The news comes as the Director-General of Thailand’s Revenue Department confirmed that an online value-added tax will be in place during 2020 with a law ready to be introduced in parliament.
The days of anything goes online are over in Thailand as the government promises a fake news centre will be up and operational within 2 months. This was confirmed during a visit by Deputy Prime Minister Prawit Wongsuwnat to the Digital Economy Ministry on Monday.
Thailand’s Deputy Prime Minister took the opportunity to warn that fake news was having a negative impact on the country in terms of security, society and even the economy in recent years. His comments came on a visit to the Digital Economy Ministry where he heard about plans to have a Thai fake news centre up and running in the next two months.
At the ministry, the deputy PM met Buddhipongse Punnakanta the Minister of the Digital Economy and Society responsible for the undertaking. Mr Buddhipongse revealed that presently the ministry is monitoring up to 10 accounts active on social media platforms which authorities suspect of disseminating false or fake news that is harmful to the public.
Ministry working with the Royal Thai Police before legal action is taken against fake news dissemblers
The minister said that officials were working with the Technology Crime Suppression Division of the Royal Thai Police to investigate the suspicious accounts and that legal action may be pursued using Thailand’s wide-ranging Computer Crime Act or the Cyber Security Act.
Deputy PM Prawit Wongsuwan: fake news centre not targeting opponents of the government but false, harmful information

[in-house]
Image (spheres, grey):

The Deputy Prime Minister went out of his way to assure the public that the establishment of the new centre and efforts to combat fake news are not aimed at opponents of the current government. Deputy PM Wongsuwan, a well-known figure in the administration and the previous one, referred to his own troubles with fake news. ‘If you were me, what would you feel when you have been affected by fake news for four or five years through social media platforms,’ he said.
Digital Economy and Society ministry sends ฿21 billion budget to the cabinet for approval
The Digital Economy minister whose department has just submitted a ฿21 billion budget to the cabinet for a range of activities for the development of the internet in Thailand in line with Thailand’s 4.0 agenda, also took the opportunity to give reporters on Monday some insight into how the new fake news centre would work.
Public reporting of fake news through apps such as LINE will be integral to the fake news centre’s operations in fighting the menace
He highlighted that as well as official monitoring of suspicious online actors, the centre would rely very much on reports from the public which will be able to be submitted using platforms like the popular LINE app in Thailand.
The fake news centre and government agencies will take steps to have verified and correct information disseminated through the media and other channels to counter harmful reports most particularly ones relating to security issues. The next part of the plan is to have online information shown to be verified by the government so that people can seek and find more accurate information. This process would include a flag or signal to indicate these reports as verified communications.
Deputy PM says fake news occurs across a broad range of news reports in Thailand